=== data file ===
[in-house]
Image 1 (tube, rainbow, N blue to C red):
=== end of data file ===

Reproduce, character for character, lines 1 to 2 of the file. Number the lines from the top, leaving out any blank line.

[in-house]
Image 1 (tube, rainbow, N blue to C red):